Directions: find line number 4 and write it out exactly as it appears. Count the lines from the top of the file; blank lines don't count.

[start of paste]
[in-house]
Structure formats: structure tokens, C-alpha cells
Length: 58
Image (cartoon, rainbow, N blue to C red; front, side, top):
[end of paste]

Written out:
Image (cartoon, rainbow, N blue to C red; front, side, top):